Super Bowl Gives Free Tickets to 7,500 Vaccinated Healthcare Workers
NFL Commissioner Roger Goodell announced today that the NFL is inviting 7,500 vaccinated healthcare workers to Super Bowl LV as guests of the NFL to “thank and honor them for their continued extraordinary service during the pandemic,” according to an NFL statement. “This is also an opportunity to promote the importance of vaccination and appropriate health practices, including wearing masks in public settings.”
Super Bowl LV will take place in Tampa Bay on Sunday, Feb. 7, and most healthcare workers will come from hospitals and healthcare systems in the Tampa and central Florida area, the statement says.
“These dedicated healthcare workers continue to put their own lives at risk to serve others, and we owe them our ongoing gratitude,” said Goodell in a letter to Rob Higgins, president of the Tampa Super Bowl Host Committee. “We hope that in a small way, this initiative will inspire our country and recognize these true American heroes.” The letter was shared in a tweet by Ian Rappaport, NFL Network insider and host of the “RapSheet and Friends” podcast.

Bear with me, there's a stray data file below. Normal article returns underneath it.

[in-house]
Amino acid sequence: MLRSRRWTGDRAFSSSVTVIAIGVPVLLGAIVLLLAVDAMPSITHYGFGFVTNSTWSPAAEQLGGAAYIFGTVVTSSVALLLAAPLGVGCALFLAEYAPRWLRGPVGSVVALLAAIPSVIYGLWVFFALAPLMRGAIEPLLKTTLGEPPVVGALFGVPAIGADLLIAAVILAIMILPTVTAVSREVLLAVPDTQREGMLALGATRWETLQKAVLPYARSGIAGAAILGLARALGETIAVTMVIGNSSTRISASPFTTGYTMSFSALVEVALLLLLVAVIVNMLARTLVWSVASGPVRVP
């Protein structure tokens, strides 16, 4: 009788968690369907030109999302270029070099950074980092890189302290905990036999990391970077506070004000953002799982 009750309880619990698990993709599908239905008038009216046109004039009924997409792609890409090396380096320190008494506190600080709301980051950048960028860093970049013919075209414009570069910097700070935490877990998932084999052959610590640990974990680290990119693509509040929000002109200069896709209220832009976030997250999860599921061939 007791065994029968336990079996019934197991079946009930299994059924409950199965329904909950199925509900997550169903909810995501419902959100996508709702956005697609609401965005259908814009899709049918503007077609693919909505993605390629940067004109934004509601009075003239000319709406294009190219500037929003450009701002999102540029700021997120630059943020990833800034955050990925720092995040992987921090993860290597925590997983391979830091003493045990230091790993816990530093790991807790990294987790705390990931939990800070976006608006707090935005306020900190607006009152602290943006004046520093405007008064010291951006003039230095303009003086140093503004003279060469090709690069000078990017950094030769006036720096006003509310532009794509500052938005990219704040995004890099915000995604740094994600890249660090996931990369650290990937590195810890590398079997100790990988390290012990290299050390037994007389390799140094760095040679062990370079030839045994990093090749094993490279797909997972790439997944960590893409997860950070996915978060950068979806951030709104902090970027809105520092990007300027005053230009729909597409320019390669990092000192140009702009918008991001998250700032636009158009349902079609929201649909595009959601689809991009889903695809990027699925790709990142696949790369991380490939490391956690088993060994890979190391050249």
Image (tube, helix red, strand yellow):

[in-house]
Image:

“We applaud the NFL for honoring health care workers and promoting vaccine acceptance around Super Bowl LV. We are pleased to support their planning efforts to create a safe and enjoyable event for all attendees, and we look forward to a successful Super Bowl in Tampa Bay,” John Couris, president and CEO of Tampa General Hospital, said in a statement.
In addition to the healthcare workers, there will be 14,500 fans in attendance at Raymond James Stadium. To that end, the NFL says that Super Bowl plans will enhance the “already rigorous COVID-19 protocols” implemented by NFL clubs throughout the regular season and playoffs. These protocols include mandatory mask wearing, social distancing and other measures, such as podded seating and touchless concessions, restrooms and security checkpoints, as well as controlled entry and exit.
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